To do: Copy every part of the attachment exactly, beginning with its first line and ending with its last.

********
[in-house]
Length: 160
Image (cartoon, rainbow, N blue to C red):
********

[in-house]
Length: 160
Image (cartoon, rainbow, N blue to C red):